But it was not just the research - Q took the teaching of the 100 medical students equally seriously (an inheritance from Kings). So, for one day each week throughout the year, all of us (PhD students included) downed tools and prepared for the afternoon’s teaching which involved the weekly lecture (usually by Q), then 10 simultaneous afternoon practicals, or a live demonstration, and tutorials. For the demonstrations, Q pioneered the introduction of CCTV and video-recording. In addition to the conventional organ-bath work, the practicals also included a number of experiments which the students carried out on themselves – pricking themselves to test local anaesthetics, gazing into each others’ eyes after instilling homatropine, dosing themselves with purgatives or inhaling amyl nitrite – all assiduously written up in a well produced course book “Experimental Pharmacology” by Brownlee & Quilliam and marked before the next week’s session. As a result, Q’s pharmacology course invariably came “top of the class” in the preclinical students’ questionnaires.

As General Secretary of the Society, Q will probably be remembered for the understated, dry humour of his meet-ings reports. The meetings themselves also gained from his keenness on electrical gadgets, via the introduction of the 15 minute traffic lights for timing communications. (At a meeting of a rival society, these were notoriously supplemented by the appearance of a pair of very realistic daleks exclaiming “Exterminate!, Exterminate!” to an overlong communicant.) Q also took journal press-editorship seriously – as indeed it had to be in Pre-Microsoft times, when re-typing a paper was very tedious and to be avoided at all costs. This experience he carried over into the detailed editing of his students’ efforts at paper and thesis production – his students could never complain that their supervisor hadn’t read their papers!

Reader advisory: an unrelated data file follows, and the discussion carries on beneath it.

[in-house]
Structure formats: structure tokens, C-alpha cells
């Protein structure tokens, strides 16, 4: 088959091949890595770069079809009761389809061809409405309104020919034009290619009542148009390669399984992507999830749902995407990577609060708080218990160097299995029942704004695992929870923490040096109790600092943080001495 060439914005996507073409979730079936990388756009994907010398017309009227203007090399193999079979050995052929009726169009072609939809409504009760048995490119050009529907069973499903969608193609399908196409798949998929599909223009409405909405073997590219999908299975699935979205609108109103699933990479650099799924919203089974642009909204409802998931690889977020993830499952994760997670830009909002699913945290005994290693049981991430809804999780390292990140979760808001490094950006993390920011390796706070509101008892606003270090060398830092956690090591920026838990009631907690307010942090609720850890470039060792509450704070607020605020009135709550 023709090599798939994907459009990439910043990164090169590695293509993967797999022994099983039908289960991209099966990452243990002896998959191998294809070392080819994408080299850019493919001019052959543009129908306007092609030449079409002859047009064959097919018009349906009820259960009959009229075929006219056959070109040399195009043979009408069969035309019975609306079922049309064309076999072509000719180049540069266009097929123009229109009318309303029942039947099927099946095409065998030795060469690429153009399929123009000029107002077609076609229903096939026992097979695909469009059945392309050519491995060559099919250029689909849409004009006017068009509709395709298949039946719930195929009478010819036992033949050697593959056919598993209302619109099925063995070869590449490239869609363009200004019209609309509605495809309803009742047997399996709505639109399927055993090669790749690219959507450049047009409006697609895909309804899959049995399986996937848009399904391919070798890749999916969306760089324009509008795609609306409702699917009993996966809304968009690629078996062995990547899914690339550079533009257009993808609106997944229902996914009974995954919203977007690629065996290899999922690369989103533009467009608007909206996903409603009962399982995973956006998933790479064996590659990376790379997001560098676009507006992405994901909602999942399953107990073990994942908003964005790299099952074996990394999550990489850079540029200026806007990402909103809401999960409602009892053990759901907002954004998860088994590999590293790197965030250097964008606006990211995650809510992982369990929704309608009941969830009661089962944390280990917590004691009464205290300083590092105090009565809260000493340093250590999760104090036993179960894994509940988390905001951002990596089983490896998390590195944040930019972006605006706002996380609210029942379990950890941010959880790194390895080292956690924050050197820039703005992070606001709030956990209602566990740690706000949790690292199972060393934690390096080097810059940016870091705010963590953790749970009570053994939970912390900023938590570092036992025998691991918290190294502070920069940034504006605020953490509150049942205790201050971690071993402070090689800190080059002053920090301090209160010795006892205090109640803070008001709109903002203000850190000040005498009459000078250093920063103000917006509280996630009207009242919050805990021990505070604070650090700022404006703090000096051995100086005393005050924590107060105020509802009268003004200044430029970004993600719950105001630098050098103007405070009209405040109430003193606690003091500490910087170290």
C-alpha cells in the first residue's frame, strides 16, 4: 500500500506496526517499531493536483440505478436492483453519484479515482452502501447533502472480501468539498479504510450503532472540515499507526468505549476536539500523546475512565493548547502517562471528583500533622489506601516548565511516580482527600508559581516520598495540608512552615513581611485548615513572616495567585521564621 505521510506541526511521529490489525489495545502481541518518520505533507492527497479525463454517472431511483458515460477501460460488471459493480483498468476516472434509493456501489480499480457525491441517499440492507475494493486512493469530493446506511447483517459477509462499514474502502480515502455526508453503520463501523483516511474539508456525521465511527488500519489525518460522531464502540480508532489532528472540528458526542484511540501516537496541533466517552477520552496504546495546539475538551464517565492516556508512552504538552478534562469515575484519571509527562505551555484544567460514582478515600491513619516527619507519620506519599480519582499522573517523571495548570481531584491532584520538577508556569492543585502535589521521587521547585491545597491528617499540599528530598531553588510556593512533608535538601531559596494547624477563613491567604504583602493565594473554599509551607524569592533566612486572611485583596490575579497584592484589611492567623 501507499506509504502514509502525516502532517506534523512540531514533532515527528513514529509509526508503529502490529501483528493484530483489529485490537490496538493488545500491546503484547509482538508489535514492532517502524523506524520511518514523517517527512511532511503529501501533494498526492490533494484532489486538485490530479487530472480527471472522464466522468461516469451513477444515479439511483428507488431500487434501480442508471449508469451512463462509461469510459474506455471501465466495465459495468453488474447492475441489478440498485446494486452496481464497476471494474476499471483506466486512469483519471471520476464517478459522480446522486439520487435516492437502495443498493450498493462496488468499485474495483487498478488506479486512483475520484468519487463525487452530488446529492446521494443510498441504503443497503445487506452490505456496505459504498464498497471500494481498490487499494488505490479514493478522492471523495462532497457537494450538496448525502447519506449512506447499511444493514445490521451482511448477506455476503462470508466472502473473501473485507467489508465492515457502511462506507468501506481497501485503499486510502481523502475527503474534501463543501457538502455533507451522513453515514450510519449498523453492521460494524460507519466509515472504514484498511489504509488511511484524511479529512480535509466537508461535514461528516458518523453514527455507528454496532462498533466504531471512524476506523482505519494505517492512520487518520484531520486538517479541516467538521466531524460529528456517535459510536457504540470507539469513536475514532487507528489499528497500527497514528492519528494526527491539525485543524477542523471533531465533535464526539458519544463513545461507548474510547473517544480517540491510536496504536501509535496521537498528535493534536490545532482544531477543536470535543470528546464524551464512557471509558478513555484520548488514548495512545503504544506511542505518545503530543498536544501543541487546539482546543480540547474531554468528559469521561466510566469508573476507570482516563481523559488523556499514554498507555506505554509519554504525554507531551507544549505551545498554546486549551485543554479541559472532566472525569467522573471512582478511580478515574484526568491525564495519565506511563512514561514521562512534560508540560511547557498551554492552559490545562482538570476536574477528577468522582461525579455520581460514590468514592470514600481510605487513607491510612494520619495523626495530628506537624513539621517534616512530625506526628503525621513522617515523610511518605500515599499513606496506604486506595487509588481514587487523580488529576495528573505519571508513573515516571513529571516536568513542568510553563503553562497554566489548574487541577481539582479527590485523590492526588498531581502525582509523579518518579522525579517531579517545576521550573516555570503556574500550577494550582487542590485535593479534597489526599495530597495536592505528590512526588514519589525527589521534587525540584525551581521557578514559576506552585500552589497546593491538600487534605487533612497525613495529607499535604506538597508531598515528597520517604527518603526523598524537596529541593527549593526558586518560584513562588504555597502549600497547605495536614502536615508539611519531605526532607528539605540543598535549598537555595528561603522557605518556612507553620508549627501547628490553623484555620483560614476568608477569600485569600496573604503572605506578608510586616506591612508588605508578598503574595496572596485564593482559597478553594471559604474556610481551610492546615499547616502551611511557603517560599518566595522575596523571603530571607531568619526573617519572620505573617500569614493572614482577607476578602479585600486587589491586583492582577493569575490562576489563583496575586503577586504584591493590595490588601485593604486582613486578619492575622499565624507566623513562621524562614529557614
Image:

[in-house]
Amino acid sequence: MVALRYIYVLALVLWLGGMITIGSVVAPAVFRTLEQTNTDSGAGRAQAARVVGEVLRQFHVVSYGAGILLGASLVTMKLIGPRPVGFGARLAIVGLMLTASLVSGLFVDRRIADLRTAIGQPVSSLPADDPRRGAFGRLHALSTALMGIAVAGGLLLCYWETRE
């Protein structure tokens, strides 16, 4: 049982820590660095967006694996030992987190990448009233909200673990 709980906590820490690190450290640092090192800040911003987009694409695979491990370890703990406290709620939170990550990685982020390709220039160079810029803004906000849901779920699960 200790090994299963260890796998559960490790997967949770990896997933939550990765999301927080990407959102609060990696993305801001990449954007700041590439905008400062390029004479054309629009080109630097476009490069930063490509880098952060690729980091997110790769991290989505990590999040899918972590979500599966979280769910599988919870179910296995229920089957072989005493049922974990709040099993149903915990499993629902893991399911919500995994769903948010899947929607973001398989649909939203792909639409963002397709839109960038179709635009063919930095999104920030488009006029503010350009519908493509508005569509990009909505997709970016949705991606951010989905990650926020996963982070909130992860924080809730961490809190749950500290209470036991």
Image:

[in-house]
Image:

After retiring from Barts, Peter became Chairman of the BMA Board of Science (having been member of the Council since 1971). In this role, he co-authored several influential BMA reports on the Medical Effects of Nuclear War (1983), Boxing (1984), Young People and Alcohol (1986), and Alternative Therapy (1986), among others – revealing a strong social conscience that may have surprised some. He did sterling service for the University of London, as Chairman of Convocation from 1973 to 1990 and Trustee from 1990 to 1999. He retained a lifelong interest in vision and for many years he acted as examiner for the British Optical Association and served on the General Optical Council from 1975 to 1988, including spells as deputy chairman and chairman of two of its key committees. Peter also made enormous contributions to public service in other areas. Thus, in 1983, he became a Co-Founder and Co-Chairman of the charity “Help the Hospices”, to provide a national voice for fund-raising and help for the hospice move-ment, which was otherwise lacking.

In spite of his rather austere and reserved persona, Q was always kind and helpful to his junior colleagues and students. Indeed, as a mark of their thanks, on his 80th birthday his former students presented him with a festschrift of some of their collected papers. In a way that was highly original and charming, he would always (except when abroad) maintain an apparently exaggerated formality of dress and of language. He always wore a tie and a suit, and (with very few exceptions) preserved second-name terms for people with whom he had worked for twenty years or more. After a dinner at a colleague’s home, the wife, who had met Q for the first time, said “That is a man who does his very best to hide the fact that he is brilliant”. A delight was his use of language in conversation, long convoluted phrases and skilful humorous uses of cliché, matching P.G. Wodehouse.

He is survived by his wife Barbara, two children (Penny and Jonathan) and three grandchildren. Many pharmacologists and physiologists have reason to be grateful to him, and will remember him with a mixture of respect, admiration and affection. His family arms bear the motto “mens agitate molem” (mind moves matter) – an appropriate epitaph.

David Brown
(with valued help from Penny Quilliam, Andrew Quilliam and John Nicholls)